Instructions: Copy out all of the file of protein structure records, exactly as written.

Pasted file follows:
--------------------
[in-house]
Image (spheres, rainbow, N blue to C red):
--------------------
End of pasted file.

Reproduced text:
[in-house]
Image (spheres, rainbow, N blue to C red):